Autism Contingent Shock Therapy: Therapy or Torture?
I was disgusted to read in Forbes of a treatment center that uses electroshock therapy, known as "contingent shock" in the United States today as a form of therapy. The founder of this treatment center, a follower of B. F. Skinner (a famous behaviorist) has been using negative reinforcement techniques for years to try and resolve behavior problems with children who have developmental disabilities or mental illness.
While electroconvulsive therapy has been used for years in the treatment of people with mental disorders or depression, it's a therapy done when the patient is anesthesia and usually only as a last resort as it remains controversial. Contingent shock therapy, on the other hand, is given to someone while they are conscious, aware, and performing undesirable behaviors.
The therapy is based on the work of B. F. Skinner's "Skinner Box" he developed during his research time at Harvard in the 1930's which placed lab rats in a box with an floor that could be charged with electricity anytime the rodent did a behavior that was undesirable. Slowly, the rodent would learn not to do the behavior, and therefore not get shocked.
Since the early 1900's, when autism was first used to describe a range of psychological conditions, it had a stigma associated with mental illness. In 1911, Eugen Bleuler first used the term to refer to a group of symptoms of schizophrenia. In the 1940's, researchers in the US used the term to describe children with emotional or social problems, often called pediatric schizophrenia. And because of this, as of the 1960's, doctors had a direct link between autism and schizophrenia in their minds.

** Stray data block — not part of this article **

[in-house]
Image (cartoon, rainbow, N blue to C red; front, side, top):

So during the 1960's and 1970's, research into autism treatments focused on medications like LSD and negative (punishment) behavior change techniques like electric shocks, pinching, spanking, and even breaking vials of ammonia under the nose. Contingent shock, which is a shock administered after an undesirable behavior has begun or happened, is a direct decedent of this practice.
What's interesting is research exists out there to suggest that any gains using these methods are temporary, and not permanent. In 1968 Todd Risley found in his research that there is no permanent gain in behavior when people receive these electric shocks. This was back in 1968 with the research was fresh, the technique in vogue, and the results were quickly ascertained. Lichstein and Schreibman found in 1976 that while the techniques seemed to work, it was often very traumatic for the clinician (often more so) than the patient.
The technique remains controversial, particularly since the U.N. has now declared the therapy as practiced by the Judge Rotenberg Center is torture as outlined in the U.N. Convention against Torture. Why? Because the voltage used in the personal devices administering the electric shock can and does leave a mark that can last for days.
So, the question remains, should this method of treatment be allowed, given the current application and research? Has any other research been done? And even if the research suggests electrocuting someone to modify behavior works, should it be used in this day and age when spanking is strongly discouraged?
I've seen a couple more recent articles, one by the founder of the Judge Rotenberg Center, and one other, that extolled the virtues of contingent shock therapy. But I can't get past the image presented in the book, The Alliance where whole masses were controlled using electric shocks embedded in the brain. It's an extreme jump I admit, but it's still the image that comes to my mind.